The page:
I have come across the statement that $$ \sum_{n\leq x}\sum_{d\mid(n,P_z)}\mu(d) = \sum_{d\mid P_z}\mu(d) \left[\frac{x}{d}\right], $$ where $P_z=\prod_{p\leq z}p$ where $p$ is prime, $\mu(d)$ is the Mobius function, and $[x]$ denotes the greatest integer less than or equal to $x$. I would appreicate some help in seeing the above. (Both of the above are equal to $\pi(x,z)$, the number of (positive) integers less than or equal to $x$ which are prime to all primes less than or equal to $z$.)

I am aware of the property that $\sum_{d\mid n}\mu(d)=0$ unless $n=1$ in which case, the sum is equal to $1$. I can see how for a given $d$, there are $[x/d]$ integers less than or equal to $x$ with this divisor.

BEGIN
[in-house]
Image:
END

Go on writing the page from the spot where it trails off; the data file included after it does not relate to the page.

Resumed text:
Thank you!


For every $d$, count how often $\mu(d)$ occurs in the sum on the left.

If it occurs at all, there is an $n\leqslant x$ with $d\mid (n,P_z)$. Since $(n,P_z) \leqslant n \leqslant x$, it follows that $d\leqslant x$. Also, since $d$ divides $(n,P_z)$, it divides $P_z$.

Now, if $d \leqslant x$ and $d\mid P_z$, it occurs once in the inner sum for every $n \leqslant x$ such that $d \mid n$. There are exactly $\left[\frac{x}{d}\right]$ such $n$. For the divisors of $P_z$ that are greater than $x$, we have $\left[\frac{x}{d}\right] = 0$, and above we saw that $\mu(d)$ does not occur in the sum on the left for these $d$, so $\mu(d)$ occurs $\left[\frac{x}{d}\right]$ times in the sum on the left for all divisors of $P_z$, whether $\leqslant x$ or $> x$, i.e.

$$\sum_{n\leqslant x} \sum_{d\mid (n,P_z)} \mu(d) = \sum_{d\mid P_z} \mu(d)\left[\frac{x}{d}\right].$$


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